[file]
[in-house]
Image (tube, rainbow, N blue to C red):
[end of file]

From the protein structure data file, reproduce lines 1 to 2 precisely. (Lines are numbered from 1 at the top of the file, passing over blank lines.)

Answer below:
[in-house]
Image (tube, rainbow, N blue to C red):